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High biological age may up risk of dementia, stroke: Study

People who have a higher biological age than their actual chronological age have a significantly increased risk of stroke and dementia, especially vascular dementia, new research has revealed.

The study, published in the Journal of Neurology, Neurosurgery and Psychiatry, showed that the increased risk persists even if other risk factors such as genetics, lifestyle and socioeconomics are taken into account.

“Because people age at different rates, chronological age is a rather imprecise measure,” said Associate Professor Sara Hagg from Karolinska Institutet in Sweden.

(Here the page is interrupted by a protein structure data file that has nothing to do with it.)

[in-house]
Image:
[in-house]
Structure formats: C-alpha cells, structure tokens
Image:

In order to measure biological age and the link to disease, the researchers used data from the UK Biobank. They studied a cohort of 325,000 people who were all between 40 and 70 years old at the time of the first measurement. Biological age was calculated using 18 biomarkers, including blood lipids, blood sugar, blood pressure, lung function and BMI.

When compared to actual, chronological age, high biological age was linked to a significantly increased risk of dementia, especially vascular dementia, and ischemic stroke, (i.e. blood clot in the brain).

“If a person’s biological age is five years higher than their actual age, the person has a 40 per cent higher risk of developing vascular dementia or suffering a stroke,” said doctoral student Jonathan Mak.

As it is an observational study, causal relationships cannot be established. However, the results indicate that by slowing down the body’s ageing processes in terms of the measured biomarkers, it may be possible to reduce or delay the onset of disease.

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